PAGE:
04 December 2008

The Cold: Opening

I know the weather has been growing colder; that is the way at this time of year. But I cannot ever recall feeling cold, so much of the time, as I have for the past few days.

For the past month or so, I've been spending practically all of my waking hours--and I've stayed a few nights--at the college. All summer, it was cold inside the main building, where I was working. It seems that the air conditioner has only one setting, and once it's turned on (some time in June), it can't be turned off until October. And, it seems, during the three winters that I've been there, it was usually too warm. Maybe it will overheat again. But for now, I wrap myself in a shawl as I work in my office, stand at the front of a classroom or navigate the hallways.

For a long time, I've noticed that women are more likely to complain that it's too cold, while it's usually the men who complain about the heat. I'd always suspected that it had to do with hormones, biochemistry or some other innate physical characterisitic.

Before I began to take hormones, I learned, from various accounts, that in time I could start to feel cold more often than I had previously. I first began to notice that, ironically enough, during my first spring on hormones. The first thaw used to feel like the first heat of summer. But in those April and even May days, I sometimes felt shivers and goosebumps inside the sweaters and jackets I wore. I never knew the hormones would work that quickly!

I guess estrogen is not an insulator. That makes sense, given what I've observed and reported so far. It seems that somehow or another, estrogen removes a layer of skin. I feel the cold; I feel almost everything more than I did as Nick. If that's true, I feel the cold more often for the same reason I can cry or giggle over--well, over no apparent cause. And why I'm also more sensitive to sound and light than I once was.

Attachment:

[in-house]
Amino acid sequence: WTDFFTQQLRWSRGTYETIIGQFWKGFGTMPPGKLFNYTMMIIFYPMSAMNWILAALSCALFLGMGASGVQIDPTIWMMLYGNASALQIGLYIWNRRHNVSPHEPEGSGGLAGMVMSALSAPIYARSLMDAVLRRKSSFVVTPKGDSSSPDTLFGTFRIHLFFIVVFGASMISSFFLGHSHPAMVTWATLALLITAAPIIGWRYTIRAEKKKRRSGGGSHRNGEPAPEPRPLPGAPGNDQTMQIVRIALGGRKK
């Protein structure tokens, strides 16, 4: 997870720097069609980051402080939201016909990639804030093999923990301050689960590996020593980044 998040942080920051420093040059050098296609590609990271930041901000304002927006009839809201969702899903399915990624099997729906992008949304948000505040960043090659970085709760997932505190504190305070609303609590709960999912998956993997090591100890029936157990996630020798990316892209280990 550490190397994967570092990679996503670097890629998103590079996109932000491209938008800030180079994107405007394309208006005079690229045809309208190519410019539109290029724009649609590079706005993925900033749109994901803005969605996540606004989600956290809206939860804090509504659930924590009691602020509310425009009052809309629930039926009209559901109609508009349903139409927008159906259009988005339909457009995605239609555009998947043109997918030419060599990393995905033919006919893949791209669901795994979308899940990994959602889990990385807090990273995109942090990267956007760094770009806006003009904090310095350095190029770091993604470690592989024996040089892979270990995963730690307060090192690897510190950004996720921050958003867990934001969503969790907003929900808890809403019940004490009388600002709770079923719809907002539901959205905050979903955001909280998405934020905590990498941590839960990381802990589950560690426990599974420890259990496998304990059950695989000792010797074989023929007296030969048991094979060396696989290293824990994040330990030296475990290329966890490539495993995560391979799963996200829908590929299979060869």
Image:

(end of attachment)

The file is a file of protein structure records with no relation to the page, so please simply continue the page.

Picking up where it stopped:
That also seems to be the reason why women cover themselves more. I rarely see a female coworker without a blazer, some other kind of jacket, a sweater or something else covering her blouse or shirt. It has to do with the cold, but I think it also has to do with being exposed, without a filter between one's self and surroundings.

Now I can actually feel it on my skin when someone's looking at me and I can't see him or her. Somehow I think men (some, anyway) know this and use it to make us crazy. Others terrorize us: They look at the bodies of women as if they're pieces of meat. Even my body.

That, I think is what cold really is: exposure, or at least our vulnerability to it. Along with it, though, comes other kinds of feelings, as I've discovered. That includes the joy that sometimes fills me and flows. It seems that when anyone is drawn to me, that is what they are responding to. People have told me as much. I wouldn't trade them for anything, including not feeling cold again.

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